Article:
Although a large majority of the proposed systems for upper atmospheric observation of Venus have consisted of either dirigibles [34,35,36] or solar-powered heavier than air vehicles [9,10,11,12], both suffer from their own particular drawbacks and neither deal effectively with the high wind speeds. This work proposes a solution based on dynamic soaring, a proven method to extract energy from atmospheric shear that has propelled the fastest small-scale aircraft in the world, and provided the energy necessary for long-endurance low-level flights of birds across oceans [13,14,15,16,17]. A deployable unmanned aircraft system (UAS) will be designed to not only survive in the harsh wind environment of Venus, but also simultaneously perform targeted sampling of the atmosphere while continuously extracting energy, even on the dark side of the planet. The design will be based on proven dynamic soaring platforms, but will be constructed in such a manner that allows for deployment from a standard aeroshell. Additionally, an investigation will be performed to select materials and construction methods that ensure long-term survival in the corrosive cloud-top environment.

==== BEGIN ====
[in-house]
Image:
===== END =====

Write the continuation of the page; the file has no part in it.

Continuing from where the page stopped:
Beyond the obvious NASA application of a mission to Venus there are some other uses of the technologies developed here that will garner interest in other NASA missions. The three main pieces that will have wider interest is the autonomous dynamic soaring, the compact deployable aircraft, and survivability in toxic air. These capabilities will be applicable on Earth for hurricane sampling UAS missions, severe storm sampling, and measurement of volcanic plumes.
Other agencies beyond NASA would greatly benefit from a system that could harvest energy thought dynamic soaring and provide lengthly observations above ridge lines and severe convective storms. NOAA would benefit from such a platform for both hurricane observations as well as fire weather observations. The USGS would receive valuable data from a platform able to provide lengthy observations of volcanic emissions. Additionally the NWS could use the platform to feed their ensemble forecasts.